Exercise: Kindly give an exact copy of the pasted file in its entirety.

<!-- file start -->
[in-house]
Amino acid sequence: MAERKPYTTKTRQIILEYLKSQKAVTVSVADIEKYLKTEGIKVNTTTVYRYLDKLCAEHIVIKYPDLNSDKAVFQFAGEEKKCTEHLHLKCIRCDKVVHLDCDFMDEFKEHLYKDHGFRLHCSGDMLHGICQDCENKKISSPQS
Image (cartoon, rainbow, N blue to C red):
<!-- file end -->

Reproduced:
[in-house]
Amino acid sequence: MAERKPYTTKTRQIILEYLKSQKAVTVSVADIEKYLKTEGIKVNTTTVYRYLDKLCAEHIVIKYPDLNSDKAVFQFAGEEKKCTEHLHLKCIRCDKVVHLDCDFMDEFKEHLYKDHGFRLHCSGDMLHGICQDCENKKISSPQS
Image (cartoon, rainbow, N blue to C red):